The Good: Good idea, Good general accessories
The Bad: Balance issues, Lame accessory coloring, Very specific and limited, Low articulation
The Basics: Produced at the same time (and bearing the same faults as) the Captain Picard As A Romulan figure, the Data As A Romulan figure tips over and is poorly-articulated.
There are a few Star Trek franchise actors who deserve their fair share of royalties from merchandise that they never were paid for. The obvious people who would cash in if they ever sued (and won) against the licensees would be Michael Dorn, Patrick Stewart, and Brent Spiner. They played Worf, Picard and Data, respectively, from Star Trek: The Next Generation. They played the characters who seemed to be both the most popular and had the greatest number of costume changes in the series. Brent Spiner, who played Data, was especially versatile and action figures of Data were plentiful and popular. Having spoken with him at conventions, he never received nearly as much as he was supposed to for the figures (though he received a lot of merchandise that he was later able to sell at Las Vegas).
The Lieutenant Commander Data As A Romulan figure was at least the fifth figure to use Brent Spiner's likeness. Data As A Romulan featured Lieutenant Commander Data as he looked when he went, disguised, on a mission to Romulus. This Data was released only once, as part of the first and second wave of the 7th Collector's series of Star Trek: The Next Generation figures. This Data was part of the first release of eight figures and was continued part of the full line-up that was ultimately over twenty figures in the 1994 7th Season Collector Series. Unfortunately for collectors, this bears almost all of the same problems as the Picard As A Romulan figure released at the same time.
The Star Trek: The Next Generation 7th Season Collection of action figures broadened the line away from the main cast of Star Trek: The Next Generation, at least in their instantly recognizable forms, and was largely composed of figures that would end up as pegwarmers because of the specificity of the toys. Despite the popularity within the culture of Star Trek fans, Lieutenant Commander Data As A Romulan was in no way a mainstream success and was exactly the type of pegwarmer that sat around until it was clearanced, after the initial buy-up by fans of the series. This Lieutenant Commander Data is fairly popular with the fans, but objectively is a rather poor action figure from the costume and accessory detailing to the inability to balance.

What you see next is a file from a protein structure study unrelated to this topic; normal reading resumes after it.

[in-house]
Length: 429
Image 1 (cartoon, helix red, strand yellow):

The Lieutenant Commander Data As A Romulan figure is the Science Officer of the U.S.S. Enterprise "As Seen In The 'Unification' Episode" in his undercover outfit from the episode "Unification, Part I" (reviewed here!). Only those who have seen the episode are likely to "get" the figure, what it represents and who it is even of, as the face is not Brent Spiner's recognizable visage, given that the skintones are darker and the face looks more round than Spiner's usual angular face. Fans are likely to appreciate that Playmates bothered with making this figure, except for the fans who opened theirs up to play with or display the figure.
Standing four and three-quarters inches tall, this is a decent likeness of the android officer Data as he was disguised to infiltrate the Romulan people. The character is molded with his fingers mostly open, which makes it difficult for the figure to hold his accessories in either hand. There is almost no level of costume detailing, made worse by the fact that the Romulan costume is a very simple one. So, this is essentially a big gray cloak with a Romulan-ized Data head on it. The cloak has ripples molded into it and there is minor texturing to it and the hood is molded down, but it is uniformly colored.
Data's face is molded with the Romulan forehead ridges and Romulan ears. There is only the texture detailing on the ridges, no coloring definition along them. As well, there is a lack of facial coloring detail for this Data. Even his lips are not red! His flesh tones lack any subtlety or shading, it essentially looks like he dusted himself in sand - his skin tones are much darker than the usual Data. The figure includes such important details as Data's eyebrows molded into the plastic, though the face and hair lack any sense of realistic toning and this Data has hair that is short and lacking in any highlights. This Data has the standard Romulan hairdo, compliments of a hairpiece from the ship's barber.
The paint job is mediocre at best. The skin tones are monolithic brown and lack any shading or subtlety. Mine had paint blobs at the pointed ears and eyeballs.
Lieutenant Commander Data As A Romulan comes with four accessories, plus a SkyCap, a collectible pog: A StarFleet type II phaser, Federation tricorder and an action base shaped like a Romulan symbol. That Lieutenant Commander Data As A Romulan comes with mostly Federation equipment makes little sense, as he used Romulan and Klingon equipment mostly in "Unification." The Romulan Action base is not quite enough to support Data and is a black and blue Romulan bird-of-prey symbol with a little black sticker that reads "Data" to help keep it straight from the other figures. The center of the base has a peg which fits into the hole in either of Data's feet!